Balancing food on a cafeteria tray and maneuvering around narrow paths around chairs and tables can be difficult in the best of circumstances. But doing it when you are being harassed for the umpteenth time that day makes it even more of a challenge.

Reports differ as to whether she dropped the tray or let it slip. In the pandemonium of the moment, it may be six of one, half-dozen the other.  But what is not disputable is that the chili fell on a junior who was sitting at a table and not taking part in the harassment. That junior was future attorney and UA Little Rock Bowen School of Law professor Dent Gitchel.

While no one had stepped in to stop the pestering, after Minnijean had dropped the chili on Dent, officials swooped in and sent both students to the principal’s office.  Dent was sent home to change clothes.  Minnijean was suspended for six days.  This incident and suspension would be fodder for her foes who pressed for her eventual expulsion in February 1958.  (The student other student involved in that incident – a white female – was only suspended and later returned for the remainder of the school year.)

Minnijean and Dent went their separate ways.  While many knew about the chili episode, the name of the student who was on the receiving end had become forgotten.  It was not until many years later that his name was once again attached to it.  In 2005, he was named in an article in an historical journal.  By that time, he was a retired law school professor.  Later that year, he gave a brief interview to the Arkansas Democrat-Gazette about it.

In March 2006, the Central High Museum Inc. board organized a chili cook-off as a fundraiser.  Minnijean and Dent reunited for the first time since December 1957 to serve as co-chairs and judges of the cook-off.  The other judge was Central High principal Nancy Rousseau.  There were nine chilies made by Little Rock area celebrities:  Mark Abernathy of Loca Luna and Bene Vita, “Broadway” Joe Booker of Citadel Communications, Dave Williams of Dave’s Place, Max Brantley of Arkansas Times, Michael Selig of Vermillion Water Grille, Pamela Smith of KATV, Channel 7, Sanford Tollette of the Joseph Pfeifer Kiwanis Camp, Scott McGehee of Boulevard Bread Co. and state Sen. Tracy Steele.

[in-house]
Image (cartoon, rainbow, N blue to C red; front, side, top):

Ten years ago – on the fiftieth anniversary of the incident — NPR did a story and interviewed by Minnijean and Dent.  In various interviews, Minnijean has commented that she told officials that day she knew that Dent was an innocent bystander.  In the few public statements he has made, Dent has commented that while he did not cause problems for the Nine, he also was not one of the very,very few white students who befriended them.  Today, they both focus their comments on the continued need for reconciliation as well as facing up to the issues in order to move forward.

So have a bowl of chili today. And think about how far we have come.  And how very far we still have to go.

First Monday in October = New U.S. Supreme Court Session. See what to expect in Clinton School Video

us supreme courtToday is the First Monday in October. That means a new U.S. Supreme Court session starts.

Last week, the Clinton School for Public Service Speaker Series featured a preview of the Court’s session.  It included remarks and insight from Associate Dean Theresa Beiner and Dean Emeritus John DiPippa at the University of Arkansas at Little Rock Bowen School of Law.  The pair looked ahead to this year’s session as well as reflected on the 2014-2015 session of SCOTUS.

A video of the program is available online.  All previous Clinton School Speaker Series programs are available for viewing at the website.